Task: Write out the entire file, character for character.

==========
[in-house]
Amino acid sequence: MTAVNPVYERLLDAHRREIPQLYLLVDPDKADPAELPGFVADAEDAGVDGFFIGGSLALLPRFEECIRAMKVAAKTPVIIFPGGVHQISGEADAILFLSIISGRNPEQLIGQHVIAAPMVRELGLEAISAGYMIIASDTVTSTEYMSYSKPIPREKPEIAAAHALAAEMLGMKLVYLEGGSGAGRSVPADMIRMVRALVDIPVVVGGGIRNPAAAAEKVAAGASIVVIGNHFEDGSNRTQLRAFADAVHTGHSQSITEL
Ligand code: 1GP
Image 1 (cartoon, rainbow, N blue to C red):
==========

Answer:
[in-house]
Amino acid sequence: MTAVNPVYERLLDAHRREIPQLYLLVDPDKADPAELPGFVADAEDAGVDGFFIGGSLALLPRFEECIRAMKVAAKTPVIIFPGGVHQISGEADAILFLSIISGRNPEQLIGQHVIAAPMVRELGLEAISAGYMIIASDTVTSTEYMSYSKPIPREKPEIAAAHALAAEMLGMKLVYLEGGSGAGRSVPADMIRMVRALVDIPVVVGGGIRNPAAAAEKVAAGASIVVIGNHFEDGSNRTQLRAFADAVHTGHSQSITEL
Ligand code: 1GP
Image 1 (cartoon, rainbow, N blue to C red):